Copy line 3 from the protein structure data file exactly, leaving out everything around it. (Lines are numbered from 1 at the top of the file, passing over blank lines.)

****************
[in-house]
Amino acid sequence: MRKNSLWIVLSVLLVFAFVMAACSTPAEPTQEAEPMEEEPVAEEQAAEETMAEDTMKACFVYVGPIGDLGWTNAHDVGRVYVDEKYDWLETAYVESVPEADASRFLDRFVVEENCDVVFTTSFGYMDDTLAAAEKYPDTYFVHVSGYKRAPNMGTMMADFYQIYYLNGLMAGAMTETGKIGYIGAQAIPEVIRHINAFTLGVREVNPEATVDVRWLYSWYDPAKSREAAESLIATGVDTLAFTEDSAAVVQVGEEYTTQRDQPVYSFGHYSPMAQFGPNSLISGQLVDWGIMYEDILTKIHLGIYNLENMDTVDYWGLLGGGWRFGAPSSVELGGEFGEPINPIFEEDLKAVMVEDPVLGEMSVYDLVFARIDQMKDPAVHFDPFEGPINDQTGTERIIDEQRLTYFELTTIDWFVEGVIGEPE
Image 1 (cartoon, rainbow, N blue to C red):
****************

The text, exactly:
Image 1 (cartoon, rainbow, N blue to C red):